Gandhi proclaimed that religion and political activism were two sides of the same coin. He said, "Mine is not a religion of the Prison-house. It has room for the least among God's creation. But it is proof against insolence, pride of race, religion, or color."

Gandhi's strong patriotism had roots in his strong religious beliefs. Our religions teach us to be kind, gentle, truthful, faithful, compassionate, and so on. Religion is meant to draw on all that is good in human beings. Father Thomas Merton wrote in his book on Gandhi and nonviolence: "Call these values or what you will, 'natural religion' or 'natural law.' Christianity admits their existence at least as preambles to faith and grace, if not sometimes vastly more (Romans 2:14, 15; Acts 17: 22-31). These values are universal."

And Gandhi said, "The one religion is beyond all speech. Imperfect men put it into such language as they command. Whose interpretation is to be held to be the right one? Everybody is right from his own standpoint, but it is not impossible that everybody is wrong. Hence the necessity of tolerance, which does not mean indifference to one's own faith, but a more intelligent and purer love for it."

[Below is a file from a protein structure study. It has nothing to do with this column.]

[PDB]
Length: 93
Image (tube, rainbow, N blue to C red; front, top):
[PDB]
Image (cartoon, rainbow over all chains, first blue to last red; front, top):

It is because of this belief in the good in all religions that Gandhi was able to embrace all religions and yet be a Hindu.

In daily life we are called upon to make choices.

There is no doubt that to pursue a good life, to observe the Ten Commandments or the Word of the Lord as seen by each faith, every day of our life, there will certainly be a need for self-control; there would certainly be a need for placing your own needs last while upholding the needs of others.